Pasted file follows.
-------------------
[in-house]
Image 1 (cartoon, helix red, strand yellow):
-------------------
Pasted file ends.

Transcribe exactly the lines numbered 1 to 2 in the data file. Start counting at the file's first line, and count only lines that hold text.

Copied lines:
[in-house]
Image 1 (cartoon, helix red, strand yellow):